The #Angels released the following statement today regarding INF Anthony Rendon:
“Anthony Rendon will undergo season ending surgery to repair a right hip impingement. Additional information will be provided as appropriate.”
— Angels PR (@LAAngelsPR) August 4, 2021
Since the All-Star break, the Angels are a bottom 5 offense in MLB per OPS and wRC+ against right-handed pitchers and a bottom 10 offense in MLB per OPS and wRC+ at home. With Anthony Rendon now out for the year and Mike Trout still not ready for a return this week, the Angels’ run-production potential for fantasy owners tastes bitter and with the upcoming matchups, simply ugly for players not named Shohei Ohtani.
Opponents: TEX (3), TOR (3)
Normally, this is the part of the Hitting Planner I’m transitioning into my picks to click and I’m getting ready to target the Rangers’ pitching ineptitude. But hold the phone, this segment is about the Mariners’ week as a whole. Indeed, they face the inexperienced Spencer Howard and the homer-prone Mike Foltynewicz in a divisional series hosting Texas. But for fantasy purposes, you need run production and consistency for a week. Taking into account a three-game set against Toronto where Seattle has to face Robbie Ray, Hyun-jin Ryu, and Steven Matz, the upside is lacking for the Mariners offense.
As a team, the Mariners are a below-average team against southpaws like Ray, Ryu, Matz, and their first Texas opponent—Kolby Allard. Additionally, they are a below average offense at T-Mobile Park, their pitcher-friendly home. Start high-stock assets like Mitch Haniger and Kyle Seager. But be wary of all other Mariners, even big 2021 performers like Ty France, who has posted a mediocre 0.795 OPS against left-handed pitchers at home this season.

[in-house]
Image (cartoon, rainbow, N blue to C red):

Picks: Buy In
Kansas City Royals
Opponents: NYY (3), STL (3)
The Royals are not a playoff-relevant team but offensive talent certainly hasn’t been their No. 1 issue. They still start Whit Merrifield, Carlos Santana, and Salvador Pérez, all fantasy-relevant bats. In deeper leagues, you might look into Andrew Benintendi when healthy or even Nicky Lopez, Michael A. Taylor, or Hunter Dozier. On first look, you might think this is a risky buy considering the talent in the Yankees’ pitching staff that has them as one of the best statistical pitching teams since the All-Star break.
But a closer look at the schedule shows that the Yankees might be scrambling for starters for this series after Jameson Taillon’s start on Monday. Is an opener day in line for them? Who knows? The Royals know that they’ll be at home for that series and another 3-game set against the Cardinals where they will face Kwang-hyun Kim, Jon Lester, and J.A. Happ, all highly volatile left-handed pitchers.